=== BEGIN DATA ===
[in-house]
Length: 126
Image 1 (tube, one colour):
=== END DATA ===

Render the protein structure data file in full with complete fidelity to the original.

[in-house]
Length: 126
Image 1 (tube, one colour):